The Gusen camp was officially run as a subcamp of the Mauthausen main camp, but differed in several points from the other subcamps. Until 1944, the camp had some autonomy from the main camp. For example, prisoners in Gusen were numbered separately until early 1944, whereas in other satellite camps there was a common number registration. Gusen’s first camp leader, Karl Chmielewski, had extensive autonomy.  Gusen was by far the largest satellite camp. Of the approximately 95,000 prisoners who died in the Mauthausen camp system, around a third of the prisoners in the Mauthausen main camp, another third, around 35,000, died in Gusen and the rest in the other satellite camps. Due to the high death rates in Gusen, the camp was designated by prisoners as an extermination camp. Conditions were truly horrific- there was an extreme lack of food with heavy physical labour, often no medical care and poor hygienic conditions that caused illnesses such as diarrhoea, typhoid, spotted typhus or tuberculosis. Detained inmates had very little chance of survival and the camp was used until 1942 primarily for the murder of the inmates. Prisoners were also often murdered in the most barbaric manner. From autumn 1941 to January 1942 for example, up to 300 prisoners were "showered" with ice-cold water at the same time. Sick and weak prisoners often died immediately of circulatory failure. Other inmates who survived the action often died of pneumonia over the next few days. Roughly 2000 prisoners were transported in transports in August 1941, December 1941, February 1942 and from April 1944 as part of Action 14f13 to the Hartheim killing centre about 25 kilometres away where they were gassed.  In March 1942 a group of Soviet prisoners of war was gassed in barracks using Zyklon B. In April 1945 another 650 disabled prisoners were murdered the same way. In 1942 and 1943 prisoners from Gusen were murdered in so-called gas vans; whilst commuting between Gusen and Mauthausen around thirty prisoners were murdered by the exhaust gases or Zyklon B.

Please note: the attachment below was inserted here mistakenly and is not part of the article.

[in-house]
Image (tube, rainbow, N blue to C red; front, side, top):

Beside the double muffle crematorium oven from Topf & Sons, installed at the end of January 1941 to remove the bodies when previously the bodies had been brought more into urban crematoriums Linz and Steyr. Prisoners were also frequently ill-treated or died from vaccine trials that SS doctor Hellmuth Vetter tested on prisoners on behalf of IG Farben. In retaliation for the defeat in Stalingrad, more than an hundred Soviet prisoners were murdered in March 1943. By late April 1945 the SS began to destroy the camp administration documents to remove evidence prior to the arrival of American soldiers. However, prisoners were able to hide some documents, in particular the death books with the names of the murdered prisoners, and thus prevent them from being destroyed. On the morning of May 3, as in the Mauthausen main camp, a special police unit from the Vienna Fire Service came to the camp to guard the prisoners. Members of the Volkssturm had already been brought into the camp as security guards. On May 3, only a few work commands were sent to work, which mainly had to take care of the dismantling of the machines. At noon the guards, air force soldiers and SS officers left the camp in the direction of Linz leaving the camp to be administered by the prisoners themselves. On May 5 Louis Häfliger, a delegate from the International Red Cross, drove to the front line and met a 23-man spy team of the American Army under the command of Sgt. Albert J. Kosiek near St. Georgen an der Gusen. Häfliger told him about the Mauthausen and Gusen camps and guided them first to Gusen and then on to Mauthausen.